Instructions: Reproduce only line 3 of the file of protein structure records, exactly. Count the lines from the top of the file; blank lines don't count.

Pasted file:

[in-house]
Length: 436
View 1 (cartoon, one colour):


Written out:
View 1 (cartoon, one colour):